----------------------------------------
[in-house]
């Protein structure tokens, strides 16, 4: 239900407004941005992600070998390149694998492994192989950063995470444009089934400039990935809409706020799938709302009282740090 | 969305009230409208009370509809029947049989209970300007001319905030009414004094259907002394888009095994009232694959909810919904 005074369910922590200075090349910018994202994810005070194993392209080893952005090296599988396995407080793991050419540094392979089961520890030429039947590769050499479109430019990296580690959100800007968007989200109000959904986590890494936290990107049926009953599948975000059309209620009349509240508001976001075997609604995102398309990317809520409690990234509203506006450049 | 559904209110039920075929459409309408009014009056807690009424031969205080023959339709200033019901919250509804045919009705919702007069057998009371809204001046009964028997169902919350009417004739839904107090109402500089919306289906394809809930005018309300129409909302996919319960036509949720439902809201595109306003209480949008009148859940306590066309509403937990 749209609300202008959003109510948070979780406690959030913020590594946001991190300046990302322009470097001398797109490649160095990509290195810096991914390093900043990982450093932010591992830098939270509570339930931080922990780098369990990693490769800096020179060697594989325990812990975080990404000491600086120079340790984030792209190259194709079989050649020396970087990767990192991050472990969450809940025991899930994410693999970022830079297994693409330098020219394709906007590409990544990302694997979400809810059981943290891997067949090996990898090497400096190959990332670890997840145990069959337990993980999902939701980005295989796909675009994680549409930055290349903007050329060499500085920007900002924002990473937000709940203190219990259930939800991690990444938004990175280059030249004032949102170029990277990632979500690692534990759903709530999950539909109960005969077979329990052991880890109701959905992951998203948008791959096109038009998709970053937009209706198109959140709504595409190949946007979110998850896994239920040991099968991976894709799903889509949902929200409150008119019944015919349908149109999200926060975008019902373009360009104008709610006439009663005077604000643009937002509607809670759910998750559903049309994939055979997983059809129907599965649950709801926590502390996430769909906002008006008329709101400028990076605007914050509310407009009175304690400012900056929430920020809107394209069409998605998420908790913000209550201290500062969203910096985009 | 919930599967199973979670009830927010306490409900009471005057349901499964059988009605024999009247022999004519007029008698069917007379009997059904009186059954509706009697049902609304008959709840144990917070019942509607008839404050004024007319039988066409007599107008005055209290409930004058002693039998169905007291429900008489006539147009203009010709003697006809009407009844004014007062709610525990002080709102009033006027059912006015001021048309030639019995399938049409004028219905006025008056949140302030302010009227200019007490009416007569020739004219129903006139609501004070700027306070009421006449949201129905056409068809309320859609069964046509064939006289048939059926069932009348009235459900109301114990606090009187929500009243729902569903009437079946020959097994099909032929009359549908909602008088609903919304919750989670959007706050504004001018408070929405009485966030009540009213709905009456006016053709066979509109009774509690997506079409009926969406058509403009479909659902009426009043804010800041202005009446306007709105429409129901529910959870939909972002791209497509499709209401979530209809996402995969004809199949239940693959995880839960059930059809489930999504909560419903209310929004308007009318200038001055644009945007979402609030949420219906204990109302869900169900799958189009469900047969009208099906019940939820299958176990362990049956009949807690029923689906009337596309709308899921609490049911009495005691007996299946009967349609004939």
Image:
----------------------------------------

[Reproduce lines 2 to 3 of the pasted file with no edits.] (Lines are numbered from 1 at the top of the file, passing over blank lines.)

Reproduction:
């Protein structure tokens, strides 16, 4: 239900407004941005992600070998390149694998492994192989950063995470444009089934400039990935809409706020799938709302009282740090 | 969305009230409208009370509809029947049989209970300007001319905030009414004094259907002394888009095994009232694959909810919904 005074369910922590200075090349910018994202994810005070194993392209080893952005090296599988396995407080793991050419540094392979089961520890030429039947590769050499479109430019990296580690959100800007968007989200109000959904986590890494936290990107049926009953599948975000059309209620009349509240508001976001075997609604995102398309990317809520409690990234509203506006450049 | 559904209110039920075929459409309408009014009056807690009424031969205080023959339709200033019901919250509804045919009705919702007069057998009371809204001046009964028997169902919350009417004739839904107090109402500089919306289906394809809930005018309300129409909302996919319960036509949720439902809201595109306003209480949008009148859940306590066309509403937990 749209609300202008959003109510948070979780406690959030913020590594946001991190300046990302322009470097001398797109490649160095990509290195810096991914390093900043990982450093932010591992830098939270509570339930931080922990780098369990990693490769800096020179060697594989325990812990975080990404000491600086120079340790984030792209190259194709079989050649020396970087990767990192991050472990969450809940025991899930994410693999970022830079297994693409330098020219394709906007590409990544990302694997979400809810059981943290891997067949090996990898090497400096190959990332670890997840145990069959337990993980999902939701980005295989796909675009994680549409930055290349903007050329060499500085920007900002924002990473937000709940203190219990259930939800991690990444938004990175280059030249004032949102170029990277990632979500690692534990759903709530999950539909109960005969077979329990052991880890109701959905992951998203948008791959096109038009998709970053937009209706198109959140709504595409190949946007979110998850896994239920040991099968991976894709799903889509949902929200409150008119019944015919349908149109999200926060975008019902373009360009104008709610006439009663005077604000643009937002509607809670759910998750559903049309994939055979997983059809129907599965649950709801926590502390996430769909906002008006008329709101400028990076605007914050509310407009009175304690400012900056929430920020809107394209069409998605998420908790913000209550201290500062969203910096985009 | 919930599967199973979670009830927010306490409900009471005057349901499964059988009605024999009247022999004519007029008698069917007379009997059904009186059954509706009697049902609304008959709840144990917070019942509607008839404050004024007319039988066409007599107008005055209290409930004058002693039998169905007291429900008489006539147009203009010709003697006809009407009844004014007062709610525990002080709102009033006027059912006015001021048309030639019995399938049409004028219905006025008056949140302030302010009227200019007490009416007569020739004219129903006139609501004070700027306070009421006449949201129905056409068809309320859609069964046509064939006289048939059926069932009348009235459900109301114990606090009187929500009243729902569903009437079946020959097994099909032929009359549908909602008088609903919304919750989670959007706050504004001018408070929405009485966030009540009213709905009456006016053709066979509109009774509690997506079409009926969406058509403009479909659902009426009043804010800041202005009446306007709105429409129901529910959870939909972002791209497509499709209401979530209809996402995969004809199949239940693959995880839960059930059809489930999504909560419903209310929004308007009318200038001055644009945007979402609030949420219906204990109302869900169900799958189009469900047969009208099906019940939820299958176990362990049956009949807690029923689906009337596309709308899921609490049911009495005691007996299946009967349609004939």
Image: